Eating a meal of nagashi somen requires a nimble hand with chopsticks. Otherwise your dinner could flow right past you.
Somen are white wheat noodles, which Japanese cooks serve cold or over ice during the summer. Typically, they’re boiled and cooled, then eaten with tsuyu, a sauce made from dashi soup stock and soy sauce. Common toppings include cucumber and sliced mushrooms. The Japanese have eaten somen since the eighth century, but they didn’t start floating the noodles down artificial rivers until modern times.
In the southern town of Takachiho, in 1959, the House of Chiho restaurant dreamed up nagashi (flowing) somen in order to capitalize on the pure, local spring water. In a tradition that continues today, staff fill long chutes of halved bamboo trunks with cold running water. Once they yell, “Ikuyo!” or “It’s coming!” they add strings of cooked noodles for diners downstream to snatch out of the current. At most establishments, a basket at the end of the waterworks catches slippery noodles, and the staff retrieves them for customers. But at the well-known Hirobun restaurant in Kyoto, what you catch is what you get, until red-dyed somen floats through and signals the end of the meal.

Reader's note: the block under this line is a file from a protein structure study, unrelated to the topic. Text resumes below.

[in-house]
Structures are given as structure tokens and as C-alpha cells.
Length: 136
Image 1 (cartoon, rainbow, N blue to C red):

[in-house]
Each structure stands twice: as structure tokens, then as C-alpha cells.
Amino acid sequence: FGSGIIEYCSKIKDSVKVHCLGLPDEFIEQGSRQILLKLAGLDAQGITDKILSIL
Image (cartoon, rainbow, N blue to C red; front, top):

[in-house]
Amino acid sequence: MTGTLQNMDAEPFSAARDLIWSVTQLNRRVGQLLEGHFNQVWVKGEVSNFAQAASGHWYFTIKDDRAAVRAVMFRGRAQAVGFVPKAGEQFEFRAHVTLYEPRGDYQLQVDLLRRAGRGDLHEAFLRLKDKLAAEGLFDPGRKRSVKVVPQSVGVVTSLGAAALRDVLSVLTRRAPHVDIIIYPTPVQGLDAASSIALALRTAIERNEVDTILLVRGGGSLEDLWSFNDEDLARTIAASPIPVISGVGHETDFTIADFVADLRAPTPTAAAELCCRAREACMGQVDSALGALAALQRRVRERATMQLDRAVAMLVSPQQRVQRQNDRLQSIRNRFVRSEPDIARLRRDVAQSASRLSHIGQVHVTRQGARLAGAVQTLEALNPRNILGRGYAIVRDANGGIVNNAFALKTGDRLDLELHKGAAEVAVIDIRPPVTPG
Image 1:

People in Japan will buy bamboo shoots to serve nagashi somen at home. But as an alternative, home cooks and restaurateurs can buy machines that spin noodles around circular basins or send them down miniature water slides that look like toys.
Still, the traditional style has a special appeal. In 2016, the citizens of Gose, in Nara prefecture, set the Guinness World Record for “longest distance to flow noodles down a line of bamboo gutters.” They built a working nagashi somen chute that was 3,317 meters (10,871 feet) long. Other record-breakers, meanwhile, have used high-pressure washing machines to power noodles to speeds that created actual waves.